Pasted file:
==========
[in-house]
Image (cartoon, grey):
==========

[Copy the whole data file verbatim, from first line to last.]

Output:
[in-house]
Image (cartoon, grey):